Aberdeen Shed Find
I am attaching some photos of an old model yacht hull that my wife found in the shed of her house when she bought it in the early 80's. We have no history at all.

The model dimensions are: loa 115 cm; beam 25cm; deck to bottom of keel 32 cm; bow to mast tube 42cm. It weighs 10 kg with most of the weight in the keel bulb.

The hull appears to have been hollowed out from solid with a slightly cambered deck which is fixed down by a screwed on wood strip - I haven't taken the deck off but by tapping it sounds hollow and there is no evidence of planking either on the hull or deck. As you see, there is a mast tube, bowsprit fitting and rudder arrangement. I think it has always had a flush deck as there is no evidence that it ever had any superstructure - -no screw holes or glue lines.

My wife and I are both big boat sailors and I was a modeller in my youth and we would like to try to restore this yacht to sail again. Is there a chance that you can identify the type of model this is and could you advise me on the most likely original sail plan/rigging arrangements? I would also appreciate some advice on where to look for materials, fittings, sails, etc.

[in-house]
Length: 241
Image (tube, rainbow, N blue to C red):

This one is a bit difficult. Though quite large, too big to be likely to be a commercial 'toy boat', the style and detailing are not those of a class model intended for serious competition. It might be a home brewed boat, based on a toy, or it might just possibly be a commercial boat made as a rare excursion into a larger scale of operation.

As to date, it probably dates in design terms, from the 1910s or 1920s, though it could have been made (even by a commercial firm) a good deal later. Designs tended to have long lives outside the competitive arena. But the hull form is very crude and the plate fin is very unusual in a boat as big as this. That said the fin profile is similar to the 'full keel' style favoured by some Scottish modellers in the 1930s, particularly the egregious Weir of Glasgow.

The rig of this boat would I think have been a gaff cutter on the lines of the attached drawing. The boat would probably have had a longer bowsprit and a lower rig altogether. The drawing shows a cutter rig suitable for a serious racing model.Keep it as simple as possible. No separate topmast, single shrouds. The steering gear would probably have been a Braine gear or some other sheet to tiller gear. The remaining deck fittings don't look like those appropriate for a Braine gear, and the rudder post is so thin that it would be difficult to mount a Braine quadrant on it.

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